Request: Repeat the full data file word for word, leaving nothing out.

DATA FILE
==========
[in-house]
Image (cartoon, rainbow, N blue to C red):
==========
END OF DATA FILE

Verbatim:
[in-house]
Image (cartoon, rainbow, N blue to C red):